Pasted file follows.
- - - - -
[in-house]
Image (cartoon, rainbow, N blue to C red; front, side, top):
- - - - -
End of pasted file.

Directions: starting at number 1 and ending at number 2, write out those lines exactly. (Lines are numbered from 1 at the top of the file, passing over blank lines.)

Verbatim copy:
[in-house]
Image (cartoon, rainbow, N blue to C red; front, side, top):